The Last Polite Bigotry

I really did have high hopes for Bill Maher’s podcast.

I started downloading podcasts a couple weeks ago, and when I discovered that HBO offered the audio of Maher’s show for free, I downloaded the last bits of last season.  So on some level I suppose I was like the old men in “Rip van Winkle” who waxed philosophical about six-month-old newspapers.  The events weren’t current, but they had a great time with them.  And so did I, for a spell.

Yes, I know that his endless quips about how much he loves porn get tiresome in a hurry (him and Dennis Prager–just hard to tell sometimes), and I know that he gets sanctimonious about the awful and inexcusable ignorance of the masses at the drop of a hat, but his material is usually genuinely funny, and despite what people say about him, he strikes me as an equal opportunity hatchet man.  Perhaps that’s his Libertarian politics coming out, and now that I think of it, I think that more Libertarians should become comedians, mainly so that they’re not holding public office.

(Okay, that was a bit mean.  I’m sorry.)

But as I listened to the penultimate episode from April, he brought up the Pope’s visit to America, and the anti-Catholic jokes started coming fast and furious.  They’re idiots who believe anything former Nazi priests tell them.  They hate sex and women.  (And presumably sex with women.)  They approve of child molestation.  And so on.  And so on.

I know that anti-Catholicism remains the last socially acceptable bigotry; nobody I’ve talked to can even conceive of a publishing house sending to press a book about a global Jewish conspiracy to turn all white Gentile men gay so that their race will become extinct.  Nobody would publish a book about a worldwide Black conspiracy to confiscate the property of all Mexicans.  Nobody would even think of writing a book about the awful things that the Sikhs are plotting. People would say (and rightly so) that nobody with an ounce of sense in a liberal democracy should be getting off on conspiracy theories about such gigantic segments of the human race.  Such things would be bigotry, pure and simple, and bigotry has no place in places like England or Canada or the United States.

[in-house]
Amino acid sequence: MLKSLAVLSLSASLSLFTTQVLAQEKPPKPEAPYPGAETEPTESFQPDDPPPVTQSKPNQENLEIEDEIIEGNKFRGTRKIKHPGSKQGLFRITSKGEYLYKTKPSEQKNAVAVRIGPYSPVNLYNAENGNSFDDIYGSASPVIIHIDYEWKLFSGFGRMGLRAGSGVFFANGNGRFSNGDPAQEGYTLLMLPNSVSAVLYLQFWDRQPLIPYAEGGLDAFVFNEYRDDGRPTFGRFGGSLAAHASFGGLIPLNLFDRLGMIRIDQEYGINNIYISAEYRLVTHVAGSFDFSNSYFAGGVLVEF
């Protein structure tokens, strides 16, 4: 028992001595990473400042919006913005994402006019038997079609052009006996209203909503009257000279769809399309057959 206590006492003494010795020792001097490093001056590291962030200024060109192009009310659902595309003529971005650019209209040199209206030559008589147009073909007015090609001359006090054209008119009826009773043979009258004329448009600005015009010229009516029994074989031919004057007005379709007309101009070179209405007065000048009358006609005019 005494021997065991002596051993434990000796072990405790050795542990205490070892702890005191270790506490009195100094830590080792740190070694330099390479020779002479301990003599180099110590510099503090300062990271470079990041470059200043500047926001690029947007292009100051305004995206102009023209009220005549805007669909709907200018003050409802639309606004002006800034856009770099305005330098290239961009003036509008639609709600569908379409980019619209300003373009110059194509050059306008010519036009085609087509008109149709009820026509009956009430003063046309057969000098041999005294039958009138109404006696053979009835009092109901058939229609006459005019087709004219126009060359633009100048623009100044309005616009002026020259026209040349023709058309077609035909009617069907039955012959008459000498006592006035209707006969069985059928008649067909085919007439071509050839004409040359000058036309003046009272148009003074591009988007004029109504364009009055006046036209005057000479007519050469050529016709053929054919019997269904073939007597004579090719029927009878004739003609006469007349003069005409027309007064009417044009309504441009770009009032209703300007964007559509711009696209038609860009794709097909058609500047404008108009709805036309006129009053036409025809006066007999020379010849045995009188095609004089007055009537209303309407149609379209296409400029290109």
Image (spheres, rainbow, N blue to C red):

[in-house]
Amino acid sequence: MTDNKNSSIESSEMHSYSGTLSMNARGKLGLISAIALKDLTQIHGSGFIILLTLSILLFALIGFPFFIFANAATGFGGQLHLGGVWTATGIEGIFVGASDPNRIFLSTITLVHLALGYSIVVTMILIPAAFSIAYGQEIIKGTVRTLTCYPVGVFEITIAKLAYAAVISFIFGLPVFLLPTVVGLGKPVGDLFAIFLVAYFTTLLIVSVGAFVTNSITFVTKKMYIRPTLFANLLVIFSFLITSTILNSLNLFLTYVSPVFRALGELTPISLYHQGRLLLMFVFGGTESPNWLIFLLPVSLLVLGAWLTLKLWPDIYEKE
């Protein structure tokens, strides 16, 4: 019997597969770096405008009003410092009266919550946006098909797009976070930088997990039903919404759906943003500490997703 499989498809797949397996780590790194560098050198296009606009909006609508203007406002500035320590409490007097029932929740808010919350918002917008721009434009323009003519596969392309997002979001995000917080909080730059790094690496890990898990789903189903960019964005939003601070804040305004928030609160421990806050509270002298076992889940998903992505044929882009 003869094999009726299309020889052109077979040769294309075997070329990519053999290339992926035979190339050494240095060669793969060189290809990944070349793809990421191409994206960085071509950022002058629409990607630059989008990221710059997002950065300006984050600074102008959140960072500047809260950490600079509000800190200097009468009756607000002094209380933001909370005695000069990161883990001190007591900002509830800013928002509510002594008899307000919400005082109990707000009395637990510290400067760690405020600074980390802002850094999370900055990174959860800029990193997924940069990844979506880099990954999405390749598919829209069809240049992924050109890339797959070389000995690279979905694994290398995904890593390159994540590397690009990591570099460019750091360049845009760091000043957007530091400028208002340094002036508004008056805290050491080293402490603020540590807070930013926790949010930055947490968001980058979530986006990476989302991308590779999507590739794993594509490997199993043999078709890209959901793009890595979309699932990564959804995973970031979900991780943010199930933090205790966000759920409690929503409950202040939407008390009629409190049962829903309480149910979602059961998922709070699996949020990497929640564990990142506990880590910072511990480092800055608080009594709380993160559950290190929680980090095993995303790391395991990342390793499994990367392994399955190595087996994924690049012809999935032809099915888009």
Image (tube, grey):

But Catholics?  We’ve had a bestseller recently about a global Catholic conspiracy to keep women powerless and keep people from having sex.  (If I remember right, they also hired albino assassin monks to shoot Tom Hanks, but it’s been a couple years.)  There’s a children’s book series that, according to reviews I’ve read (I plan to read the novels themselves soon, as I did the first Left Behind novel, probably this school year), presents a thinly-veiled Catholic Church as a global organization dedicated to dominating people’s minds and stripping them of their magic weasels.  (It’s a children’s book.  What do you expect?)  For whatever reason, the Catholics, unlike Blacks and Jews and just about any other significant segment of the human race, are acceptable targets for “sophisticated” malcontents and their “hip” fans.  I think it’s garbage.